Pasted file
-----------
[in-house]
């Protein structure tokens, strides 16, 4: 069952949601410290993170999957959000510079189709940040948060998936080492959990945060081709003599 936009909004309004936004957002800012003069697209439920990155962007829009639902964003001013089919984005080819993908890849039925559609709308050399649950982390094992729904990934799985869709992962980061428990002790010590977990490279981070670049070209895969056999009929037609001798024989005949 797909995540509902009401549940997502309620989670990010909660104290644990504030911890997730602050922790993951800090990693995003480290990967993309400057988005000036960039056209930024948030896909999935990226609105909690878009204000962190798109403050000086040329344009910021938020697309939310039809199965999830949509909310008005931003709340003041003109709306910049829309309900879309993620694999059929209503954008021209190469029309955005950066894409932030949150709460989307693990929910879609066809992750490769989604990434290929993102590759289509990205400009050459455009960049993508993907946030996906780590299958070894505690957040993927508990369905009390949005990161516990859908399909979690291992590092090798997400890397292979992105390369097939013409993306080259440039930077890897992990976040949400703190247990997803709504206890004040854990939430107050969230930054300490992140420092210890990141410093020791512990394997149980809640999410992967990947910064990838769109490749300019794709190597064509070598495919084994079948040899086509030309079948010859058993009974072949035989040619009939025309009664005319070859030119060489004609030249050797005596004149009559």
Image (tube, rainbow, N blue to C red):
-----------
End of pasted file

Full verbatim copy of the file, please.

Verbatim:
[in-house]
């Protein structure tokens, strides 16, 4: 069952949601410290993170999957959000510079189709940040948060998936080492959990945060081709003599 936009909004309004936004957002800012003069697209439920990155962007829009639902964003001013089919984005080819993908890849039925559609709308050399649950982390094992729904990934799985869709992962980061428990002790010590977990490279981070670049070209895969056999009929037609001798024989005949 797909995540509902009401549940997502309620989670990010909660104290644990504030911890997730602050922790993951800090990693995003480290990967993309400057988005000036960039056209930024948030896909999935990226609105909690878009204000962190798109403050000086040329344009910021938020697309939310039809199965999830949509909310008005931003709340003041003109709306910049829309309900879309993620694999059929209503954008021209190469029309955005950066894409932030949150709460989307693990929910879609066809992750490769989604990434290929993102590759289509990205400009050459455009960049993508993907946030996906780590299958070894505690957040993927508990369905009390949005990161516990859908399909979690291992590092090798997400890397292979992105390369097939013409993306080259440039930077890897992990976040949400703190247990997803709504206890004040854990939430107050969230930054300490992140420092210890990141410093020791512990394997149980809640999410992967990947910064990838769109490749300019794709190597064509070598495919084994079948040899086509030309079948010859058993009974072949035989040619009939025309009664005319070859030119060489004609030249050797005596004149009559």
Image (tube, rainbow, N blue to C red):